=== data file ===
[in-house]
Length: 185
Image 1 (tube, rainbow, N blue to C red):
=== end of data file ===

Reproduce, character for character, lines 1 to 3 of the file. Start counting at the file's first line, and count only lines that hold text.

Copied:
[in-house]
Length: 185
Image 1 (tube, rainbow, N blue to C red):